2 March colloquia on children’s literature at UBC…free

The School of Library, Archival and Information Studies is pleased to announce that Helene Høyrup, Ph.D., of the Royal School of Library and Information Science in Denmark, will be joining us as the inaugural Dodson Visiting Professor. She will be in the position from February to April 2013.

Dr. Høyrup is Associate Professor in children’s literature and digital literacy at RSLIS n Copenhagen. She is an international scholar in children’s literature studies and has published extensively in the field. She is particularly interested in the theoretical development of children’s literature scholarship, the interface between children’s literature, art and literature for adults, and the situation of children’s literature and its studies in different nations and regions. Additionally, Dr. Høyrup is an international Hans Christian Andersen scholar and a partner in several Danish, Scandinavian and European research projects on children’s literature and canonicity, and on theories of informal learning with digital media.

Wednesday, March 6th, 5:00 to 6:00 pm, Dodson Room, Room 302, Level 3, Chapman Learning Commons, Irving K. Barber Learning Centre, 1961 East Mall, University of British Columbia.

“The Cultural Construction of Literature for Youth in Denmark – An Insider’s Historical Reading”

It has been suggested that children’s literature is “an intersection of two powerful ideological positions: our ideas about childhood and our ideas about literature, ideas often conflicted beyond our knowing” (Lundin 2004: 147). In this talk I shall give an outline of the contextual history of children’s literature in Denmark. In the lack of literary canonization (or, as German researchers phrase this process: decanonization) Danish children’s literature became a cultural battlefield reflecting different agents’ views of childhood and of literature. My talk will give an outline of this contextual history from Hans Christian Andersen’s fairy tales to the postmodern cross-generational aesthetics of today.

Wednesday, March 20th, 12:00 to 1:00 pm, Lillooet Room, Room 301, Level 3, Chapman Learning Commons, Irving K. Barber Learning Centre, 1961 East Mall, University of British Columbia.

“Literature between Bookspace and New Literacy Space: Towards a Connective Ethnography of Children’s Literature and Digital Media”

How can the meeting between “old” and “new” media become a fruitful encounter? In the 20th century children’s literature research developed into a theoretically reflexive investigation of the relation between children, childhood and texts. It could be said to have undergone the linguistic “turn”, which has often been seen as a parallel to the emergence of digital media.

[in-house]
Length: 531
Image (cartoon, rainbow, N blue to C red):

Digital media, however, challenge the paradigm of print culture and the theories developed under previous media ecologies. The field of New Literacy has emerged as an interdisciplinary movement aiming at analyzing the processes and “texts” of the emerging digital knowledge system. New Literacy, from a Cultural Studies point of view, can be defined as socially recognized ways of creating, communicating and negotiating meaningful content, as mediated by texts and embedded in d/Discourses (Knobel & Lankshear). The mediation between media, text and user is here studied from primarily a socio-cultural perspective.

The concept of aesthetics, as developed in theories of play, hermeneutics, linguistics, literature and “everyday” aesthetics, seems oddly absent in New Literacy research. With picture books as a case, my paper suggests that children’s literature studies and New Literacy research should be seen as a converging theoretical field. Whereas children’s literature research needs to strengthen its concepts of materiality and mediation, New Literacy research should develop its concept of “text” to also encompass the aesthetic and critical view of knowledge following the linguistic turn

This lecture is inspired by my research in the concept of knowledge media (with colleagues at RSLIS) and by the current planning of a research network on advanced literacy skills and textual competences in the new media age with participation from researchers in children’s literature and literacy from Sweden, England, Germany and Denmark. The lecture will also connect its theoretical points to trends in the development of library services for children and young adults in Denmark (e.g. based on the governmental committee work “Fremtidens biblioteksbetjening af børn” [Future Library Services for Children], in which Helene was a research member).

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